Wednesday, June 25, 2008

Day Fourteen: Glaisdale to Littlebeck

Glaisdale to Littlebeck: a mere 13 km

Our bed last night, though a lovely antique, sagged in the middle really badly and neither of us slept very well. But in the morning we slept in until 7:15 and didn't have breakfast until 8:30. The hostess wouldn't make us porridge (!!?) which was a little annoying because it's our favourite. She said that she doesn't make porridge because she has a good muesli instead. But muesli is dry cereal, not hot and cooked, and I tried her muesli and it wasn't that good. So we ended up having scrambled eggs on toast and bacon, copious amounts of English tea, and lots toast with marmalade.

We dawdled packing up and took some pictures of the house before we left. The lady really did have some nice antiques, including a tall solemn grandfather clock that I liked. On the front of the house, there was a sundial over the front door. Kind of a neat idea. There was also a date over the front door from the other words the house is close to 300 years old!
You got that? No caravans
Glaisdale in the distance
Hi! Sunshine!
Oh Postman Pat (link)
Fording the ford
Beggar's Bridge (here's the story behind the bridge)
How does one buy a river?
Worn down sandstone steps
Just a suggestion
More sandstone stepping stones
Once we were on our way, we went quite slowly, taking pictures of bridges and trees and stone paths. In Egton Bridge, we stopped at an old Roman Catholic Church --an oddity because it remained Catholic even after Henry VIII's big plans. It was unlocked and we looked around inside at the paintings and architecture and in the little prayer garden. The Catholic ornamentation struck us as clearly different from the several Anglican churches we'd been in previously.
St. Hedda's church and prayer garden
Inside St. Hedda's
Take that; walkers, bikers and riders only
Egton Estate:
we wanted to explore but there were signs saying "thou shalt not"
Anyone for a hearse?
My next car
Upon reaching Grosmont, we could immediately hear the steam train and it wasn't long before we were awarded with the sight of one. Grosmont (pronounced Growmont) is one of the stops on a restored steam train line, North Yorkshire Moors Railway. It serves both tourists and people commuting from town to town. We investigated taking a trip, and decided against it, but it was quite reasonably priced, and would have been fun.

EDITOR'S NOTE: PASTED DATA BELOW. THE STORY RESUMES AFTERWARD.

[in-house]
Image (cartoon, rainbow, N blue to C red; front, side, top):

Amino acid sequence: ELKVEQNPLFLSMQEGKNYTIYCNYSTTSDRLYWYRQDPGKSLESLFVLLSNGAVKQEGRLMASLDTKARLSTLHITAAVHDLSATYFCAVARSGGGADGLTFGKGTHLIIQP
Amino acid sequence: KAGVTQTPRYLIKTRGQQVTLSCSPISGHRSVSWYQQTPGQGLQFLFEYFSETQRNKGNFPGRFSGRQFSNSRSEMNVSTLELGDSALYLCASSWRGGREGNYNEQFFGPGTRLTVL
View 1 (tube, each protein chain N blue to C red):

Train leaving Grosmont
Workers having a chat
Semaphore signalling
We hung around the station for quite a while, watching the trains come and go. We had lunch and tea in the train station and Brent took lots of pictures.

The walk out of Grosmont was an incredibly steep hill. We walked upwards for several kilometers on the pavement (boo). We left the farmland behind and went into the moors again. We stopped in the moors at an obelisk for an apple and some chocolate and to appreciate the moorland--this was the first day we traveled through the moors when it was not raining.
Yes, a 33% grade
Obelisk standing in the moors

Coming towards Littlebeck
Littlebeck in the distance
We reached our B&B--Intake Farm-- at about three thirty. The hostess invited us in to her kitchen for tea, and she chatted with us for quite a while. She's about the same age as my mum and has three daughters about the same ages as my brothers and I. It felt quite like home sitting at her kitchen table drinking tea and talking. The house was a huge old farmhouse that used to house two families, but has been renovated now for the family and the B&B guests. The farm is a working farm with cattle and over 500 sheep.

Our room was quite big and the bed didn't have a footboard (hurray!) so Brent could stretch his legs out. The shower had lots of pressure, and there was free internet. We had supper at the house because there was no where else to go. Supper was a simple but tasty homecooked meal of mashed potatoes, beef stew, cauliflower with cheese, and steamed cabbage, and we had pavlova for dessert. It was very good but cost us fifteen pounds each--you do the math. Nevertheless, we were extremely happy with the Intake Farm, it was clean and cozy and one of the friendliest places we stayed.

We found out that the Australians would be staying at Intake Farm the following night, which was both good news and bad news. Bad news, because we were still holding out the hope that they would catch up to us somewhere along the line and we could spend the last day hiking with them and celebrate at the end, and this was now for certain not going to happen. But good news because it meant that we could leave them a note when we left, and so that's what we did.

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